1. I have no idea why, but it seems to be working to strip out the html and have the site automatically re-html itself. (Is there a technical term for that?) In any case, thanks for your patience as I got everything back online. This is by far the most popular page on, so let's just say this has been a challenging test of my 'mindful breathing'. (I confess that my first response was to yell, "Oh, [drat]!" In a calm and mindful way, of course.)

        5. I am looking for approximately eight minute long mindful movement videos to show to students in the classroom. Does anyone have suggestions of where I should look?

          1. I'm not sure what age your students are, but here are a couple of possibilities.
            a 9-minute video with yoga for kids:
            an 8-minute video of Thich Nhat Hanh's '10 mindful movements', apparently from Thai television, but with instructions in English:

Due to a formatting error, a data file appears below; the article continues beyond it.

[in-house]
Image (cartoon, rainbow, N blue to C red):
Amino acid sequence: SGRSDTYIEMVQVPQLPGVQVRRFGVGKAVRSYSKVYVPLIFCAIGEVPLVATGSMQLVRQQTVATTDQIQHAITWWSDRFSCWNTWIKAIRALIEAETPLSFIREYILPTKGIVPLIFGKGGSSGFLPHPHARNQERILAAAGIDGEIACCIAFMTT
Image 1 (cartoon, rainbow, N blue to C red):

6. Great list of resources. It's going to take a while to explore all of these. Bookmarked!

          1. Thanks for your comment. I'm so glad you found this page useful. :-)

        7. I agree, it's essential to establish a personal meditation practice before teaching meditation to others. I would like to share two of favourite guided meditation resources - hope they help you as much with your personal practice as they do mine. and

          1. Thanks for your comment, Lottie. Those look like great resources.

        8. I would love to hear about your favorite non-triggering music. I am a teacher as well and want something appropriate and neutral for all students. Thank you! Great post, very insightful :)

          1. Hi Jessica, thanks for your comment. Could you give a bit more information about your students? My background is in English as a Second/Foreign Language, mostly for ages 16+, so I’m not sure whether the types of songs I’ve used personally would be appropriate for your context. If not, I’d be happy to post a request on Facebook or contact one of my colleagues who has more expertise with your student population. (If you’d prefer not to post that information publicly, you can reach me at mindfulteachers[at]gmail[dot]com.)